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DOG / training & behavior

How to Choose a Dog Harness

A comfy option when collars are a pain in the neck


When to choose a harness

If your dog has neck problems, if you have a puppy, or if your dog is a smaller breed a collar can pull too forcefully during their walks. A harness fastens around your pet’s body and has a leash loop near the shoulders, which takes pressure off your dog’s neck.

There are tons of harness styles — the best choice will depend on your dog’s size and personality.

Standard harness

The most common type of harness distributes the force of the leash against a dog’s chest and back, which works well for small dogs. However, it’s not the best option for a large, rambunctious pooch because it allows them to pull hard against the leash.

No-pull harness

This harness will tighten slightly when a dog pulls — but the force is felt under the dog’s front “armpits” instead their neck. Pay special attention to fit and watch for any signs of rubbing or irritation, since this style can sometimes pinch a pooch in the pits.

The right size and fit

Different styles have different fits. Measure around your dog’s ribcage before you buy any harness and check the packaging to make sure you’re choosing the proper size. It’s important to get size right. Harnesses that are too tight can be painful, but dogs can wiggle out of a too-loose harness.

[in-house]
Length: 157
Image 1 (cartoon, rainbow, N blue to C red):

Don’t ditch the packaging before you’ve tried the harness a few times. Putting on a harness can be tricky and the directions will come in handy so you don’t accidently slip it on backwards or upside-down.

When should I not use a harness?

Because harnesses are less restrictive and more comfortable than collars, dogs in harnesses are more likely to pull at their leashes. If your pet constantly seems to be trying to pull your arm off during walks, you might want to stick with a collar-and- leash.

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